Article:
(New York Times Magazine, I hope the link works)
An "adaptogenic potion" that "tones" your "brain waves".Deciphering the rise of a lifestyle guru who sells self-absorption as the ultimate luxury product.
The amount of time I waste finding and consuming alternative-medicine supplements for “brain function” has made me at least 10 percent dumber, and that paradox is not lost on me. It was this impulse that made me pause last year at a fancy store in Brooklyn when I spotted a glass jar labeled “Brain Dust.” It had the kind of packaging that signals discreet luxury: minimalist matte label, custom type, the word “organic.” A 2.2-ounce jar cost $55. “This adaptogenic potion lights up your brain and increases mental flow,” the label said. “Neuron velocity and vision are fine tuned by toning the brain waves, in particular the alpha waves that connect to creativity.” It seemed like the kind of item that might be a prop in a comedy sketch about millennial idiots, or something a person would be duped into buying on a hidden-camera prank show.
I will grant her this: that's some fine technobabble.
Her company is called "Moon Juice".
She had also gone viral. In May 2015, Elle featured Bacon’s daily diet, which included items like ho shou wu, silver needle tea, pearl, reishi, cordyceps, quinton shots, bee pollen and chaga. These foods — substances? — were unfamiliar to most readers. “I Have Never Heard of, Much Less Eaten, Any of the Foods in This Juice Lady’s Food Diary” was the title of a sneering Jezebel article that followed. Another site estimated Bacon’s grocery tab to be $709.75, or about 4.5 times what a typical American spends on food a week.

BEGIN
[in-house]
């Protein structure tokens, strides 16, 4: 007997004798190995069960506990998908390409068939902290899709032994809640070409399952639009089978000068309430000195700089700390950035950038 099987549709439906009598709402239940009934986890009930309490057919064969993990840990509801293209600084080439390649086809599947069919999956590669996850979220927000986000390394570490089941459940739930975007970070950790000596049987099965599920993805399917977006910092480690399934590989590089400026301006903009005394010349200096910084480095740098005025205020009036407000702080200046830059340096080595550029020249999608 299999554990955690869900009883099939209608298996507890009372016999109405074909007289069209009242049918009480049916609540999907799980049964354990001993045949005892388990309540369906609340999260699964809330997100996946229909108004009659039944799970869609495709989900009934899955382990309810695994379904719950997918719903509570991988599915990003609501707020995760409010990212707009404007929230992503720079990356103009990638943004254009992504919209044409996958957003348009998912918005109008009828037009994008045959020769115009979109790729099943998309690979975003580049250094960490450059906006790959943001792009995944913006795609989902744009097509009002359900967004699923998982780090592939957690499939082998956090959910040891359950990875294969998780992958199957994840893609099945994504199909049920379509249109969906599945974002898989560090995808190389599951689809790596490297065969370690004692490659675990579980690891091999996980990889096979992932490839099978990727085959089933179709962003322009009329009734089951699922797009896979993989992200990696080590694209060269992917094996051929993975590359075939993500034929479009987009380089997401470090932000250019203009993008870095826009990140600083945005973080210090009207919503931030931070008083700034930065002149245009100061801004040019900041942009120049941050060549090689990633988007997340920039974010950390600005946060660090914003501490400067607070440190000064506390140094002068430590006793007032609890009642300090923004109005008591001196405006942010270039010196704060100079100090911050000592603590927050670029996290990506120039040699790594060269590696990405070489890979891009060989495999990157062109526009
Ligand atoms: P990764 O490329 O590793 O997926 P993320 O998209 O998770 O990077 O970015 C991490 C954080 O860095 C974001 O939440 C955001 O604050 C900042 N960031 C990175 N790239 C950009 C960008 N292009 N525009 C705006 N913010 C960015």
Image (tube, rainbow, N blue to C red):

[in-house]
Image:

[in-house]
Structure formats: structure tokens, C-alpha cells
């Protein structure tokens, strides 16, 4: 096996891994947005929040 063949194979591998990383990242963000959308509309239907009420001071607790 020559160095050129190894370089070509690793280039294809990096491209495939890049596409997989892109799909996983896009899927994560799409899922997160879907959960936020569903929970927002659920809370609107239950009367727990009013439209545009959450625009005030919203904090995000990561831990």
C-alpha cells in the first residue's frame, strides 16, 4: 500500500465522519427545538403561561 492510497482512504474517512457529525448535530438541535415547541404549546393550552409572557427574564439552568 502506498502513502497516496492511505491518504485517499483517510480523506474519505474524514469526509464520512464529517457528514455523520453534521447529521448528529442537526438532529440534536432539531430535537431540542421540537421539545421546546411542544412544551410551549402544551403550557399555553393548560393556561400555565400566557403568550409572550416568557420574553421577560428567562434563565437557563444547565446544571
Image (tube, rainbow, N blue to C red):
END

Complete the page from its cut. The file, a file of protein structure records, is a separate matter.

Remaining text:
Here was proof of the extent to which our nascent wellness culture had finally matured: a woman whose lifestyle was extreme to the point of inscrutability and expensive to the point of implausibility. It’s not surprising that Bacon was mocked; the internet backlash practically wrote itself. The amazing thing was that she was also embraced. She expanded her business, published a cookbook, spoke at conferences and appeared in Vogue. As her fame has rippled outward, so has her influence.